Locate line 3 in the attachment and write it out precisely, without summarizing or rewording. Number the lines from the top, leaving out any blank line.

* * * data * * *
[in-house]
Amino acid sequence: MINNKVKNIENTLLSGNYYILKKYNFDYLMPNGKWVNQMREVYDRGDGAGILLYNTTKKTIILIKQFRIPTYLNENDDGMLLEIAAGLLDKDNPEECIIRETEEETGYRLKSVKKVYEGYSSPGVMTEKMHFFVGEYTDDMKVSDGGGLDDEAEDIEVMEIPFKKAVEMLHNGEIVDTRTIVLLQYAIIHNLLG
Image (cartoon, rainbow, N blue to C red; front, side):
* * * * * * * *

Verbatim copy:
Image (cartoon, rainbow, N blue to C red; front, side):